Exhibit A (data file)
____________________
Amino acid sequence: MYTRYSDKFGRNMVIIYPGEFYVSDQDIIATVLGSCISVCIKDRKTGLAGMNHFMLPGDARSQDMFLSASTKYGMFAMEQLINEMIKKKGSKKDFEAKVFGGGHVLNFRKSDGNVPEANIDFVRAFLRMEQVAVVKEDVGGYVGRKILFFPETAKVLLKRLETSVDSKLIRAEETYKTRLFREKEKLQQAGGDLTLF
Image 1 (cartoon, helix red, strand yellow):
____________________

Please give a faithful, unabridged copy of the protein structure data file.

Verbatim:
Amino acid sequence: MYTRYSDKFGRNMVIIYPGEFYVSDQDIIATVLGSCISVCIKDRKTGLAGMNHFMLPGDARSQDMFLSASTKYGMFAMEQLINEMIKKKGSKKDFEAKVFGGGHVLNFRKSDGNVPEANIDFVRAFLRMEQVAVVKEDVGGYVGRKILFFPETAKVLLKRLETSVDSKLIRAEETYKTRLFREKEKLQQAGGDLTLF
Image 1 (cartoon, helix red, strand yellow):